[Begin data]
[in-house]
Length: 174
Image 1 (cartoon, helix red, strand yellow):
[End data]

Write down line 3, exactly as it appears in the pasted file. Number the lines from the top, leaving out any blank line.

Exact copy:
Image 1 (cartoon, helix red, strand yellow):